Unemployment among educated youth at 16%: study

Report says gap between growth and jobs widening

With higher growth rates not having translated into more jobs and increases in productivity failing to spur a commensurate rise in wages, the government ought to formulate a National Employment Policy that takes these trends into account, the State of Working India 2018, a new study released by Azim Premji University’s Centre for Sustainable Employment, recommends.

Confirming the spectre of jobless growth, the study contends that this divergence between growth and jobs had increased over time. “If you look back at the 1970s and 80s, when GDP growth was around 3-4%, employment growth was about 2%,” lead author Amit Basole wrote in the study, released on Tuesday. “Currently, the ratio of GDP growth to employment growth is less than 0.1.” That means that a 10% increase in GDP results in a less than 1% increase in employment.

The study uses government data to show that total employment actually shrank by seven million between 2013 and 2015, and cites private data to posit that an absolute decline has continued in the years since.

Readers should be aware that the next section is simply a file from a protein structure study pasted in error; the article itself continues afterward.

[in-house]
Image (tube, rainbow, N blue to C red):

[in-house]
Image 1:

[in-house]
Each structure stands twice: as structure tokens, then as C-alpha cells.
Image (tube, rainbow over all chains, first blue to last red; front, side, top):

Unemployment has risen to more than 5% overall, and the study slices the data to show that in geographic terms, north Indian States are the most severely affected, while in demographic terms, young people with higher education levels suffer an unemployment rate as high as 16%.

While wages are rising in almost all sectors, hidden within the positive data is the worrying fact that rural wage growth collapsed in 2014, and has not risen since, observed Dr. Basole.

In the organised manufacturing sector, though the number of jobs has grown, there has also been an increase in the share of contract work, which offers lower wages and less job security, according to the study.

Also, of concern is the divergence of productivity and wages in the organised manufacturing sector. Labour productivity in the sector is six times higher than it was 30 years ago; however, managerial and supervisory salaries have only tripled in the same period, while production workers’ wages have grown a measly 1.5 times.



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